Archaeological discoveries and artefacts reveal a connection between the Hellenic myth about the Golden Fleece and our reality. Even the ancient Greek historians did not doubt this connection. It was thanks to Colchis, being the country of the Golden Fleece, that Georgia found its rightful place in European culture for the first time. The whole cycle of Greek mythology is dedicated to the campaign of Argonauts in Colchis, while the Greek myths are the main source giving rise to ancient and later European culture.
As I mentioned above, Georgia has been located at a geopolitical crossroads and the historic Silk Road has served as a connecting bridge between the continents. Europe and Asia, Eastern and Western civilizations met in Georgia. The country has thus become an original blend of cultures from these worlds.
Later, we were one of the first to adopt Christianity, which is one of the main fundamental values of modern Europe. Our country was one of the first to declare Christianity as the state religion, while the New Testament was translated into Georgian already in the 4th century.
Art and culture of the Golden Age in our history - the Georgian Renaissance - continued to establish highest ideals in the Middle Ages and have formed what is recognized as fundamental by Europe nowadays.
Georgia had a glorious King David the Builder, whose great merits and most prudent policies resulted in the unprecedented power of the country in the 12th century. A legend was spread all over Europe at that time about a mythical figure - Prester John (Lat. Presbyter Ioannes) - who exemplified the Georgian King David the Builder. Two large academies were created in Georgia to resemble the world-famous Mangana Academy of the Byzantine-era Constantinople, as Gelati and Iqalto Academies represented its Eastern universities.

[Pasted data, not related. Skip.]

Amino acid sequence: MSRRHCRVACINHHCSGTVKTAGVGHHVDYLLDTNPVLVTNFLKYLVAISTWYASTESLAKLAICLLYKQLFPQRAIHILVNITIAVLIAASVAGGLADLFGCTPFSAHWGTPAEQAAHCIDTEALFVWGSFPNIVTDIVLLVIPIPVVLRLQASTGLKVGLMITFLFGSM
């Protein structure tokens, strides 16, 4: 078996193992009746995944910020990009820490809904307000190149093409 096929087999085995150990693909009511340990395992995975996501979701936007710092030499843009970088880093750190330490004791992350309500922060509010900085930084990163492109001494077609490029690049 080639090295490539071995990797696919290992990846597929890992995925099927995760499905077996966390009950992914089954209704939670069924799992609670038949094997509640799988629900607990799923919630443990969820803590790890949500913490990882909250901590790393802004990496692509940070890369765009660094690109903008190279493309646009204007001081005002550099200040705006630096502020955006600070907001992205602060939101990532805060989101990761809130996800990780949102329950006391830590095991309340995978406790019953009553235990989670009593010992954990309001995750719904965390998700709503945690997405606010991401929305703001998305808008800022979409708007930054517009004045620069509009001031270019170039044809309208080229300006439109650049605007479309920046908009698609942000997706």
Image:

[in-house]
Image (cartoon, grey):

Georgia was later ruled by a successor of David the Builder. Tamar was her name, though was referred to as King Tamar. A female ruler of Georgia in the 12th century stood out with her common sense and wisdom. She was not called a queen, but rather a king. It was during her reign that one of the first signs of a parliament appeared in the world. Many masterpieces of our architecture and art at large were created in Georgia under her rule and include one of the peaks of poetic art – The Knight in Panther’s Skin by Shota Rustaveli, which defined the mindset of Georgians for centuries.
The language in which this immortal creation is written is one of the most ancient among those spoken today. We call this language our native, as it serves as the main ground for our identity that shapes the Georgian soul, Georgian conscience and mindset.
Georgian alphabet is ancient as well. It is one of the most distinctive and unique, being given its final form by King Parnavaz in the 3rd century AD. Although, according to some reports, it existed from the 7th century AD. The oldest specimens of our writing are found both in Georgia and outside its borders. As a result of significant changes, the Georgian alphabet was formed into three types of alphabets, which are all recognized by the UNESCO as an intangible cultural heritage of humanity.